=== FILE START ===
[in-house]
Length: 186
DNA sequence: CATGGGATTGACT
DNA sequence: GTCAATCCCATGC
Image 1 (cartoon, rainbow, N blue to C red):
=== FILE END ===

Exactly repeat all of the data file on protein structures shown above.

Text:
[in-house]
Length: 186
DNA sequence: CATGGGATTGACT
DNA sequence: GTCAATCCCATGC
Image 1 (cartoon, rainbow, N blue to C red):